• 2. your temperamental biases and blind It is common, both for lawyers lawyers – whether win-lose litigators spots by thinking, “I must remember that and non-lawyers, to describe these or win-win consensus builders and I have a tendency to...” Do a fast propor- lawyerly traits in ugly terms: arro- transactional lawyers – must culti- tion check by asking yourself, “Am I gant, stubborn, self-righteous, “turfy,” vate an adjustable style that works blowing things out of proportion or down- insensitive, condescending, judgmental. cross-species. playing something that’s important?” In addition, because many lawyers This does not require that one “Next,” said the coach, “before you are very smart and think very fast, in resort to situation ethics or become a open your mouth, ‘re-frame’ the situa- any given situation they always have smarmy manipulator. But it does tion. As a practical matter, fast-thinkers an opinion. Most will easily change require that one work to fine-tune can’t slow down their thinking. But they can slow down how quickly they display their thinking. Listen before “‘As professional experts’, he said, you talk. Ask questions before you make statements. Appear to reflect ‘lawyers hate to ask for personal feedback. and ponder, even if you mind is already ten miles down the road.” But any expert in self-development will tell you that candid The coach emphasized that in re- framing situations, one should first feedback is the crucial ingredient for behavioral change.’” “name the frame.” “That is,” he sug- gested, “consciously review what you think is going on here. Next – and this is difficult – make your their initial, snap judgments if given one’s emotional intelligence, that abil- assumptions conditional: ‘Is there more or better information, but it’s lit- ity to analyze the interpersonal and another way of looking at this.’ erally true: at all points in the decision- social dimensions of any interaction – Reality-test possible alternative making loop, they are opinionated. with both head and gut – with both explanations: ‘What if my opinion is Conversely, to many lawyers, rela- one’s intellect and one’s “hunch wrong?’ And recast your characteri- tionship-oriented words like tactful, machine.” One’s cumulative emotion- zations of people and events into sensitive, empathetic and collaborative al intelligence (sometimes nicknamed value-neutral terms; curb language create active revulsion. None of that EQ or EI) is made up of a group of that seems to make personal judg- “touchy-feely stuff” for them, no sir. competencies that shape professional ments, even if you think the people And gender can further cloud the and appropriate behavior with differ- you’re talking to probably agree with issue: because men are testosterone- ent kinds of people in different kinds you. It’s important not to be seen as driven dominators from Mars, and of situations. These competencies fall judgmental.” women supposedly are empathic con- into four broad categories: self-aware- “Finally,” said the coach, “re-frame sensus-builders from Venus, a woman ness; self-management; attunement to the how you communicate. The best rule displaying quick opinions, fast deci- needs/interests of others; and social, influ- here is to individualize and personalize. sions and firm principles departs encing and leadership skills. Lawyers When it comes time to talk, call peo- more visibly from the social stereo- tend to score low in the “attunement” ple by their names. Give other people types norm than a male lawyer. Hence competencies. credit (even it they don’t deserve it). the common maxim: “Behaviors that In our case study, the coach sug- Make this a conversation, not a com- are called assertive in a man are called gested to the lawyer that a practical petition or lecture. Reality-test and aggressive in a woman.” first step for addressing his arro- paraphrase constantly ‘Let me make In our case study, if the 360° gance issue was to slow down and sure I understand you correctly.…’ Ask review of the lawyer described above reflect. “It is useful to consciously for more input before communicat- had been confined to lawyers who practice ‘re-framing’ interactions ing, and, if necessary, buy some time admired his brains and candor, he with other people before speaking,” to reflect: ‘Hmm, that’s interesting. Let might not have been labeled as arro- said the coach. First re-frame your me think about that for a second.’” gant. But in today’s large firms where personal mind-set and check out Finally, the coach suggested that interdependence and collaboration your own expectations and motiva- the lawyer make a point of asking are essential, one no longer has the tions. Consider what you need and people for feedback – on both his luxury of dealing solely with crea- expect from this situation and make substance and on his style. “As pro- tures of one’s own stylistic species. sure you’re in touch with those fessional experts,” he said, “lawyers The hard truth is that today, effective underlying motives. Acknowledge continued on page 12 June 2006 5 Report to Legal Management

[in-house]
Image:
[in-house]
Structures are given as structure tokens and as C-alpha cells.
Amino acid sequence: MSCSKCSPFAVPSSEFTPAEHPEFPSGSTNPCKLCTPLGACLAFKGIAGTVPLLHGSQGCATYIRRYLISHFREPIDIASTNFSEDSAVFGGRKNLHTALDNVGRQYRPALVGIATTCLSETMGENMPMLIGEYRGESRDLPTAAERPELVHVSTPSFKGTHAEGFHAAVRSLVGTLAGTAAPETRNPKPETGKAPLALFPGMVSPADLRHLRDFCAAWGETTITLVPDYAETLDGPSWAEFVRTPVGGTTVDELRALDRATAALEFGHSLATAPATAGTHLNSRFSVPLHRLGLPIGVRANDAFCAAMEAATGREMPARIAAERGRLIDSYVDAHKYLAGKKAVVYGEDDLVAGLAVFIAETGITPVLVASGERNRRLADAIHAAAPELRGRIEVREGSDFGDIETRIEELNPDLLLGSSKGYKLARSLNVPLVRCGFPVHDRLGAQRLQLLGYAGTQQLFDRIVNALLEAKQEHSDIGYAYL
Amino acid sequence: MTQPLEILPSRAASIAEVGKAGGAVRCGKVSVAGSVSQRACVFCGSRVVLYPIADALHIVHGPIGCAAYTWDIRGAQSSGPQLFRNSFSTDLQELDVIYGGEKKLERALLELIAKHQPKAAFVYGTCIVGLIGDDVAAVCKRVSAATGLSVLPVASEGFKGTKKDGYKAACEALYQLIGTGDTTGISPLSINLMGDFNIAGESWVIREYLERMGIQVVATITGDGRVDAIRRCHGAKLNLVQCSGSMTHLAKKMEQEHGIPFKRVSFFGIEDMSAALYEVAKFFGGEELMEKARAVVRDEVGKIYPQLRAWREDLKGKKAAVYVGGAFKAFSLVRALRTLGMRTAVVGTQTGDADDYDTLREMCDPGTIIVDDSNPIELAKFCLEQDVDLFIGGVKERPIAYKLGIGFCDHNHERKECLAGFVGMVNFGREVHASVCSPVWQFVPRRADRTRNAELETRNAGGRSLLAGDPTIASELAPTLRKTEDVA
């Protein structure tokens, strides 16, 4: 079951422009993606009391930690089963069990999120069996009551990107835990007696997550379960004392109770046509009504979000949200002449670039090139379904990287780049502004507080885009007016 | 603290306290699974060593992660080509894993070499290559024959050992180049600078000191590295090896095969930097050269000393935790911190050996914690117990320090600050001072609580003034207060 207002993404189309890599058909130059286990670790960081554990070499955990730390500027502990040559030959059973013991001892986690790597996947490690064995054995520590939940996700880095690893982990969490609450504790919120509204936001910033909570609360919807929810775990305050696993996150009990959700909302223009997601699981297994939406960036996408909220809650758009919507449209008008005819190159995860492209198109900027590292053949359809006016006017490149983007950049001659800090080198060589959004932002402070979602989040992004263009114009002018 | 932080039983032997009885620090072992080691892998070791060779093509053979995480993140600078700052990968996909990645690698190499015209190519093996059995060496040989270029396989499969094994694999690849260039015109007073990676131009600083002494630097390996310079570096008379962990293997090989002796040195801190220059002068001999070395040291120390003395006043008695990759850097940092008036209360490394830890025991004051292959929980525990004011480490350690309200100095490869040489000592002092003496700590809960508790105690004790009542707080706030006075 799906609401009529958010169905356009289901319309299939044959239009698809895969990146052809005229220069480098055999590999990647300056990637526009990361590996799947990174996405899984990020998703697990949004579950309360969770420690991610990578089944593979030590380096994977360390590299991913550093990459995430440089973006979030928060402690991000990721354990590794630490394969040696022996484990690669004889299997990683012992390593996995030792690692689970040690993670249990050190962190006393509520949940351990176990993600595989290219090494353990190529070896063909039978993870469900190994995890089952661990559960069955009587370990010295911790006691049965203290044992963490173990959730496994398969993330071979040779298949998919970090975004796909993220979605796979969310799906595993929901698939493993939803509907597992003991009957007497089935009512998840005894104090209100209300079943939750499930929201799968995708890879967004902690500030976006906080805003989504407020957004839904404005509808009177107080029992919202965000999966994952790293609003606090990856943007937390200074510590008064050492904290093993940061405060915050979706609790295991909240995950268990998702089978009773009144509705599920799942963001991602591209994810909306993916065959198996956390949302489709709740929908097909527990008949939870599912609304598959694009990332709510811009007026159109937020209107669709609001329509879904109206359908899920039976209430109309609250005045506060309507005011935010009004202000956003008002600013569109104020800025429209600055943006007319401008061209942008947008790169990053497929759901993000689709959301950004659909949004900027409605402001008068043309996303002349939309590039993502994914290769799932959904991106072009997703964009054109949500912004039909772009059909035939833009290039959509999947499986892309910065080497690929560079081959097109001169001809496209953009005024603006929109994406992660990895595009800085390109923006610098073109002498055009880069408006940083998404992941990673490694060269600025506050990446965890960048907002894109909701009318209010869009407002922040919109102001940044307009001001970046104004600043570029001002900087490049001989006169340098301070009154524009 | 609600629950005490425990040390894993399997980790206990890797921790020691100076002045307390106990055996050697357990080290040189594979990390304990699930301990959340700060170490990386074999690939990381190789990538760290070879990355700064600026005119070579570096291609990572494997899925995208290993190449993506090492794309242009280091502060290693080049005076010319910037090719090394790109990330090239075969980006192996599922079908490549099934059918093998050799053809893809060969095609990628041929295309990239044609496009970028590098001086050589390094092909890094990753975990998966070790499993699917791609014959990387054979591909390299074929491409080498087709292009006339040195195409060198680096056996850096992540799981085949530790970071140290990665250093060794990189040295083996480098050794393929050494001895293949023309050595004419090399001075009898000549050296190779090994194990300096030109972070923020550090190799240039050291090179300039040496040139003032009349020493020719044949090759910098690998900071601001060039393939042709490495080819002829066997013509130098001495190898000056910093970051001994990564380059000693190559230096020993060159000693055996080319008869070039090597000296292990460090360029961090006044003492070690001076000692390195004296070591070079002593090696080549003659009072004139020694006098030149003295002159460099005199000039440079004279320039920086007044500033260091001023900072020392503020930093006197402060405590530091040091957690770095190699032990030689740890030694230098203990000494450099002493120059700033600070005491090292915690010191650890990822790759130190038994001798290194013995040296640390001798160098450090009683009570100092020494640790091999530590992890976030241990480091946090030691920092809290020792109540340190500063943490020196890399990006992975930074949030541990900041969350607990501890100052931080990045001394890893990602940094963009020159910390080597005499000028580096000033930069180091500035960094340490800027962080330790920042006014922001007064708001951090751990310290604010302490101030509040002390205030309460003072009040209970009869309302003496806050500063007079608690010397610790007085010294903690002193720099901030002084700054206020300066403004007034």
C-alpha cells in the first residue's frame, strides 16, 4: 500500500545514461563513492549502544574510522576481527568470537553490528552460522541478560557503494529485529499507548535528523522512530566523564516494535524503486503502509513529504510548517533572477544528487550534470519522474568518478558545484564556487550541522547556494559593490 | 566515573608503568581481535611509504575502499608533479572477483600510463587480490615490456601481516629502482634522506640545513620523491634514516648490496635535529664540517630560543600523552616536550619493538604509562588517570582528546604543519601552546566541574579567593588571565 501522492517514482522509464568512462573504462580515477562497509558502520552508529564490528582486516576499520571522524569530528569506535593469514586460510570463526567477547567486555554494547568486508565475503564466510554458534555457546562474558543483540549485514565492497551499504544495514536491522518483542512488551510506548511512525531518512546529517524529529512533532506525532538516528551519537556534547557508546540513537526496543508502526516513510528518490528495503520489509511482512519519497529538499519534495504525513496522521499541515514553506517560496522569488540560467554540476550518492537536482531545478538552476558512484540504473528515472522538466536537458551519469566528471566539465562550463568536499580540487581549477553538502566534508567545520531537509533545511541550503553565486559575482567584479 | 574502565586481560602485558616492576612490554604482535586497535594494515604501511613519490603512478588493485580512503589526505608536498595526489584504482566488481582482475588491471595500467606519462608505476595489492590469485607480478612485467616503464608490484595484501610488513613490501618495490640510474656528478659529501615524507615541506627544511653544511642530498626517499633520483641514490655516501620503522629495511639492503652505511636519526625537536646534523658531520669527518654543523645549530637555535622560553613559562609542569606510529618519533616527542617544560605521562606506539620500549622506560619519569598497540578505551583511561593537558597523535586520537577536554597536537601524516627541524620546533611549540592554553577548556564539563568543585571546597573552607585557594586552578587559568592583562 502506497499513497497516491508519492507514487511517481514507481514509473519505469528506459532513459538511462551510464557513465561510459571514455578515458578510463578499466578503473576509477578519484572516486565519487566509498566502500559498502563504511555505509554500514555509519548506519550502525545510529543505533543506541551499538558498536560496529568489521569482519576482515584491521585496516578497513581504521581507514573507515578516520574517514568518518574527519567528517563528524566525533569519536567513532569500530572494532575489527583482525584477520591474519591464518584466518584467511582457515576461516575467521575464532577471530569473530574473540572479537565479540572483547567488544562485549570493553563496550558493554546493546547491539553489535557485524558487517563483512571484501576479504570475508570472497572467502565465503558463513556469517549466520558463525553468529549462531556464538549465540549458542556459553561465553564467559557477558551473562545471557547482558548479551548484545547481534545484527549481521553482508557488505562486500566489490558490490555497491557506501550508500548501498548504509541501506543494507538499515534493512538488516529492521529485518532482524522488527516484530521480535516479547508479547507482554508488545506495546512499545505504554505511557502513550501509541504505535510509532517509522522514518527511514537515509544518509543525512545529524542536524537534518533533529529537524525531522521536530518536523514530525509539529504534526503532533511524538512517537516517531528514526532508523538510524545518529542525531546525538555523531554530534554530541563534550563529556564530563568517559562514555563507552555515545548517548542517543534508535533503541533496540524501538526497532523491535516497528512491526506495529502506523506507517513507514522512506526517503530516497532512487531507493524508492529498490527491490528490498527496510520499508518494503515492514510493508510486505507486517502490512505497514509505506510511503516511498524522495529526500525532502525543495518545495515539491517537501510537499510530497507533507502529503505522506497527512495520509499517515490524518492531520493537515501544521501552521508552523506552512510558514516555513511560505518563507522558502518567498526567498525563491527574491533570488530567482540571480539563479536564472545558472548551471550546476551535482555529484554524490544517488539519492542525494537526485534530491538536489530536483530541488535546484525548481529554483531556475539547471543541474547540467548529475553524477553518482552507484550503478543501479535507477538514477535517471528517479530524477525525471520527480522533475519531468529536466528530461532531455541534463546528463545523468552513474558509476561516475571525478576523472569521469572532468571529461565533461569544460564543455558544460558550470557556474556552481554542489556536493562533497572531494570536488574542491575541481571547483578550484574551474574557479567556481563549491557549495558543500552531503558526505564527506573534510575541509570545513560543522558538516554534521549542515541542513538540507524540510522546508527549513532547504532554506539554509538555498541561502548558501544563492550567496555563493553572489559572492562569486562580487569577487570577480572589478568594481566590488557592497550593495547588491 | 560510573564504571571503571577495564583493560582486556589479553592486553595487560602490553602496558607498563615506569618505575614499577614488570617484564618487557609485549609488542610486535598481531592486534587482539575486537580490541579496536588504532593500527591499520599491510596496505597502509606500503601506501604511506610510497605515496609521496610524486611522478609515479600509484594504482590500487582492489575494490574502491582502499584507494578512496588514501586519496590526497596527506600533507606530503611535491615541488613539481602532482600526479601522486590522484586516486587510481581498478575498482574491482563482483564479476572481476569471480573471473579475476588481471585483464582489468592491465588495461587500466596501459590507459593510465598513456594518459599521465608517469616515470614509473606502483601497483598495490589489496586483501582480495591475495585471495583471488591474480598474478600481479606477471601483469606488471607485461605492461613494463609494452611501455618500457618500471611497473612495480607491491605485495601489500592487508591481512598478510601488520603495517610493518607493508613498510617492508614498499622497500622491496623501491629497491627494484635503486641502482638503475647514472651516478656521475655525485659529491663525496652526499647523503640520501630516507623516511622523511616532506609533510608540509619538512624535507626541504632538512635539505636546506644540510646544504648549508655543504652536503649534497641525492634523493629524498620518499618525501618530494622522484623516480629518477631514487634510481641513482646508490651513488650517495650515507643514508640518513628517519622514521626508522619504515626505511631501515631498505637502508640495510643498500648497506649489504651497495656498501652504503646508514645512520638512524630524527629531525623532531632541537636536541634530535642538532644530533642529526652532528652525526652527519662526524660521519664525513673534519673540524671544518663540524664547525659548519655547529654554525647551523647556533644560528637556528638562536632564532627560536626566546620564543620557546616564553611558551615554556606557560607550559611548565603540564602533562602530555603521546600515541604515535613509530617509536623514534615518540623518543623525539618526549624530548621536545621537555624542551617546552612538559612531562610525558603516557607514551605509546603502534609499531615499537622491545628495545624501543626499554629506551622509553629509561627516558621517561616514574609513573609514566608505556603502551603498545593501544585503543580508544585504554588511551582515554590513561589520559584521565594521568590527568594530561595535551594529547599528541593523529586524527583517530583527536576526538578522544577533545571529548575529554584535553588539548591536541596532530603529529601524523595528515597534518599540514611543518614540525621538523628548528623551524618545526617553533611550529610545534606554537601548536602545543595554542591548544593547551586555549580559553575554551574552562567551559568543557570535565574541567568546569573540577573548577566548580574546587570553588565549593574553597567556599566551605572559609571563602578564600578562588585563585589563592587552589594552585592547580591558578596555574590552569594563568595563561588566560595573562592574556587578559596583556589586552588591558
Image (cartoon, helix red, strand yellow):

• 3. Arrogance … continued from page 5 hate to ask for personal feedback. But Author’s Note: To identify and develop Report to any expert in self-development will one’s EQ competencies, try reading tell you that candid feedback is the Daniel Goleman’s Working with Legal crucial ingredient for behavioral Emotional Intelligence (Bantam change. Asking for feedback has two Books, 1998). On a lighter but enor- Management benefits. First, it may give you some mously practical note, we also recom- information that others might be mend Sisters-in-Law: An Uncensored inclined to withhold. Second, the act Guide for Women Practicing Law in published by: of asking for that feedback is a mod- the Real World, by Lisa Sherman, Altman Weil Publications, Inc. est and self-aware thing to do, some- Deborah Turchiano and Jill Schecter Two Campus Boulevard, Suite 200 thing that truly arrogant people (Sphinx, 2004). Both female and male Newtown Square, PA 19073 seldom bother with.” attorneys really should read this book. Telephone (610) 886-2000 This particular case study continues FAX (610) 359-0467 as a work in progress. The lawyer says Douglas B. Richardson is an adjunct COPYRIGHT NOTICE he thinks he’s making some changes in consultant with Altman Weil, Inc., work- Copyright © 2006 by Altman Weil Publications, his demeanor, but finds he then often ing out of the firm’s offices in Newtown Inc. Authorization to photocopy items for the inter- nal or personal use of the subscriber or the internal relapses into old patterns. Yet there are Square, Pennsylvania. Contact Mr. or personal use of specific individuals in the sub- promising signs: colleagues and clients Richardson at info@altmanweil.com. scriber’s organization is granted by Altman Weil are appearing more relaxed and acting Publications, Inc. provided that the source and Altman Weil Publications, Inc.’s copyright is noted less defensively. And only last week his on the reproduction and the fee of $1.00 per page is administrative assistant said to him, paid to Altman Weil Publications, Inc., Two “You know, you used to terrify me. Campus Boulevard, Suite 200, Newtown Square, PA 19073. Copying for purposes other than internal Now that I’ve gotten to know you, you or personal reference requires the express permission really are a pretty nice guy.” N of Altman Weil Publications, Inc. For permission, contact Altman Weil at the above address. June 2006 12 Report to Legal Management